Robert Gates on China

January 22, 2014
Gregory Kulacki
China Project Manager

Former U.S. Secretary of Defense Robert M. Gates wrote a new book on his tenure under presidents George W. Bush and Barack Obama. Most of the reporting focuses on his opinions of the two presidents. But one of the more interesting revelations in the book is how this long-serving leader in the U.S. defense and intelligence communities views his counterparts in China.

Dr. Gates, who earned his doctorate in Russian and Soviet history from Georgetown in 1974, first traveled to China in 1980 with CIA Director Stansfield Turner to implement an agreement on technical intelligence cooperation negotiated by President Carter and Deng Xiaoping. The purpose of the agreement was to replace CIA radar sites in northern Iran lost after the 1979 revolution. Gates did not return to China until 2007 during his tenure as Secretary of Defense. In his memoir Gates, who rose through the ranks to eventually become the director of the CIA before his appointment as Secretary of Defense, said he went to China with the hope that he could establish “something similar” to the “extraordinary relationship” embodied in the radar agreement with China, which “continued uninterrupted over the decades through the ups and downs in the two nations’ political relationship.”

Unfortunately, Secretary Gates harbored suspicions about his counterparts that undermined his hopes. He wrote “China always prefers to deal with each country individually” because they are “easier to intimidate that way.”  He saw blog posts about a test of a new Chinese fighter plane that appeared on-line during his official visit as a “politically portentous stunt” the PLA aimed at him. He concluded that China’s test of an anti-satellite weapon in 2007 was conducted by the Chinese military without the knowledge of China’s senior leadership. And he referred to PLA General Ma Xiaotian, who is now the Commander-in-Chief of the People’s Liberation Army Air Force, as a “handler of the barbarians” whose job was to present the appearance of an official military to military dialog that Gates believed the PLA was “leery” to conduct in earnest.

One of the most important topics Gates wanted to discuss with China was nuclear strategy. Although President Bush and President Hu agreed to start a nuclear dialog when they met in April 2006, Gates claimed “it was pretty plain that the People’s Liberation Army hadn’t received the memo.” He believed the PLA was dragging its feet, in defiance of China’s political leaders. But Gates also seemed unaware of Chinese views on nuclear weapons. In commenting on President Obama’s pledge to commit the United States to the eventual elimination of nuclear weapons, Gates wrote:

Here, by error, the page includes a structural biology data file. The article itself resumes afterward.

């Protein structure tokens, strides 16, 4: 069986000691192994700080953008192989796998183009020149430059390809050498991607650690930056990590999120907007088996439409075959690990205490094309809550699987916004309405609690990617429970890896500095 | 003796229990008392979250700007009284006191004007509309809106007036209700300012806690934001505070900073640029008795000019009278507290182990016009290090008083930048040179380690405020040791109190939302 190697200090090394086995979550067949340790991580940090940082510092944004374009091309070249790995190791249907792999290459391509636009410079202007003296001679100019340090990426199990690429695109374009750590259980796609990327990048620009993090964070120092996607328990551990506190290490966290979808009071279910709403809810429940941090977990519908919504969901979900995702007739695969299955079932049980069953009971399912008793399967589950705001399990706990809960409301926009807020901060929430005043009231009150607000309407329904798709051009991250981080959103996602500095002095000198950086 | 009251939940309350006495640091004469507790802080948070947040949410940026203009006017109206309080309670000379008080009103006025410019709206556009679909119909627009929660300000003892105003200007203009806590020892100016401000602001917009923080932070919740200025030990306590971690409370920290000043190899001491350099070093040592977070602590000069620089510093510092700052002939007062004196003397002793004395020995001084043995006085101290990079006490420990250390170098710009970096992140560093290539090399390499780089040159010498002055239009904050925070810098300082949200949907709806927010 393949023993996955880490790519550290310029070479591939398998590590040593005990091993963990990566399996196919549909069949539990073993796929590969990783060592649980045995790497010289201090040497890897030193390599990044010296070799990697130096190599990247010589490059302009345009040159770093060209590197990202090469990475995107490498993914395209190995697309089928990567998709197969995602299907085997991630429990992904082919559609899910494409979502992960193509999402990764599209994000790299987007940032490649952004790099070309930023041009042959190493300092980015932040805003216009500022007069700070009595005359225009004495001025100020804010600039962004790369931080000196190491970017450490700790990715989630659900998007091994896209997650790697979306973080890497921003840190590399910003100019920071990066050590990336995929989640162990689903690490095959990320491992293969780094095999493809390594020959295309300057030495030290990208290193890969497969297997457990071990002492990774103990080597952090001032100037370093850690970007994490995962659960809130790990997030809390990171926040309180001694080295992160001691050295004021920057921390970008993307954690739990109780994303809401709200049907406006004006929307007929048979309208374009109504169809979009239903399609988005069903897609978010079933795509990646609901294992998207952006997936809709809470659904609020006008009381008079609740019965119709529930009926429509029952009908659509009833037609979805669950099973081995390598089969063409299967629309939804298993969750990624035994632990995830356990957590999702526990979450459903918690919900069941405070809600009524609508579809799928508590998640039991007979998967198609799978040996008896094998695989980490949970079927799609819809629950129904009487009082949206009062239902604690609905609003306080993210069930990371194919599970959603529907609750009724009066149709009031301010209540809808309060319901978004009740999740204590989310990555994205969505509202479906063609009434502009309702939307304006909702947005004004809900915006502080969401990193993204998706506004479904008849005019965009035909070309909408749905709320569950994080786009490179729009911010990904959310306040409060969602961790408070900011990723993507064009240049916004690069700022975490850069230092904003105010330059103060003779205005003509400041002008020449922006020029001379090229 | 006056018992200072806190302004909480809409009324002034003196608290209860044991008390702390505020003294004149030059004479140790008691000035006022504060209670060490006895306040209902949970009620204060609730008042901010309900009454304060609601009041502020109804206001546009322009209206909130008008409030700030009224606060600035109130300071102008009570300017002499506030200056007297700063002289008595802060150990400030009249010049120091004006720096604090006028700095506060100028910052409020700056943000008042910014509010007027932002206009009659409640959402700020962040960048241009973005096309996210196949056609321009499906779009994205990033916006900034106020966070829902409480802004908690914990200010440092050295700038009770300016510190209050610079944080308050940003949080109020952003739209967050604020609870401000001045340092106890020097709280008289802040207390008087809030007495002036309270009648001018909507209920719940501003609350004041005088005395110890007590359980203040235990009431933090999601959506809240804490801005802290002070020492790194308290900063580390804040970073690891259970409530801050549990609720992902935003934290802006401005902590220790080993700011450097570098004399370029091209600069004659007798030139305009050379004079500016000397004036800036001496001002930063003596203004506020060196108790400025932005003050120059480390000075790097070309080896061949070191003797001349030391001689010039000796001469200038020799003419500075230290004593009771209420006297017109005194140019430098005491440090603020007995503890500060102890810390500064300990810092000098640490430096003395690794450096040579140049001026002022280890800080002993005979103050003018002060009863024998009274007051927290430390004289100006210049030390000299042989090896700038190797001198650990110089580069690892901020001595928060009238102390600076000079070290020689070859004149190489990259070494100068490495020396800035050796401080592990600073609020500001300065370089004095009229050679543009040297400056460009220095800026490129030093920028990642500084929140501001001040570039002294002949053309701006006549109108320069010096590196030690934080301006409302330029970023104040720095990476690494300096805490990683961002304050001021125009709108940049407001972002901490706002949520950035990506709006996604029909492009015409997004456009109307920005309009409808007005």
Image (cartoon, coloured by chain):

“Obama was the fourth president I had worked for who said outright that he wanted to eliminate all nuclear weapons (Carter, Reagan and Bush 41 were the others). Former secretaries of state Henry Kissinger and George Schultz, former defense secretary Bill Perry, and former senator Sam Nunn had also called for “going to zero.” The only problem, in my view, was that I hadn’t heard the leaders of any other nuclear country—Britain, France, Russia, China, India or Pakistan—signal the same intent.”

China first called for the eventual elimination of nuclear weapons on the occasion of its first nuclear test in October 1964. It is a statement of intent Chinese leaders and officials have repeated regularly for decades.

One reason the U.S.—China nuclear dialog fails to advance is an interminable argument over the commitment to no first use. China wants the U.S. to promise, as China has, to never use nuclear weapons first under any circumstances. The U.S. sees the Chinese pledge as meaningless, just as Secretary Gates apparently sees China’s long-standing official commitment to eliminate nuclear weapons as meaningless.

Secretary Gates’ interest in establishing a meaningful dialog with his Chinese counterparts is reassuring. He does not provide enough information or context in the book to assess whether his suspicions of the motives and behavior of his PLA counterparts are justified, but his frank account of his interactions with them are an instructive indication that the U.S. strategic dialog with China is not as productive as the official press releases would lead us to believe.